Case study

Masters student — Jordan Carruthers

Discover how Jordan achieved the BA Working with Children 5-11 (The Wider Children's Workforce) from Edge Hill University before going on to study the MA Social Sciences (International Childhood) and is now working towards the PGCE in Primary Education

Why did you decide to pursue a postgraduate course?

While studying for my undergraduate degree, one of the modules was heavily focused around 'International Childhood' and this provided me with an opportunity to look at childhood outside of the typical UK setting.

From here, I was surprised to see that Edge Hill offered a postgraduate course in the subject that was primarily centred on this area and so I decided to send in my application.

What was the application process like?

It was really easy. Looking at the course in greater detail and the perks of what already being an Edge Hill student had to offer, I choose the university to complete my Masters but decided to live in Liverpool and commute in, which was a great experience as the city had loads to offer.

In terms of the application process and interviews, both went smoothly, and I heard back within a short amount of time.

How are you funding your postgraduate study?

I'm funding it through Student Finance. Unlike with an undergraduate degree, this includes funding for tuition and maintenance/living costs.

Tell us a bit about the course and what it involves.

The course is comprised of seven modules, one being your dissertation and another an international field trip. The five key modules cover a broad range of topics, including: migration, children's rights, anthropology, politics, culture, children's health, methodologies and social theory.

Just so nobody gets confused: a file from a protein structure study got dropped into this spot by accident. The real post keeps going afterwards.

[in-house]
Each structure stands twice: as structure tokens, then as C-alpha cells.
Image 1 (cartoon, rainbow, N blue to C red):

For my dissertation, I've chosen to focus on the masculine and heterosexual norms that can be found within sex education and how we can learn from Sweden's model of education to better adapt our understanding.

In terms of the field trip, we visited Lithuania where we investigated their education system, level of inclusion, feminism, identity and politics. This was all achieved through seminars at Vytautas Magnus University. Outside of this, we were able to explore the city of Kaunas and the capital city of Vilnius, both of which offered a broad range of opportunities to immerse ourselves in the local culture.

How does postgraduate life differ to that of an undergraduate?

Although you may not be on the university campus as much as you would be with an undergraduate degree, the workload is equally if not of greater scale. It requires a greater level of communication between you and your lecturers, as well as a greater level of autonomy and independence.

The size of the group is much smaller as well. For my undergraduate degree, I had at least 30 people on my course and for the Masters there were six of us. This was something I really enjoyed as we all became friends and felt a greater sense of confidence within the classroom when discussing and debating topics.

If possible, try and get involved with the university through your interests or a part-time job. This ensures that you still feel a sense of belonging within the university community, and still have connections to a broader range of people outside of your course.

What do you hope to do when you graduate?

I'm now currently carrying out my PGCE in Primary Education, so in the broader scope of things I'd like to be a primary school teacher. However, I want to take on a less permanent role before dedicating myself to a career.

Working at the university, I've found an interest in working within higher education, and with carrying out a Masters, my opportunities are much greater now. With my undergraduate, postgraduate and soon to come PGCE, I could be equipped to work within education at an international level, or work with children in various global situations.

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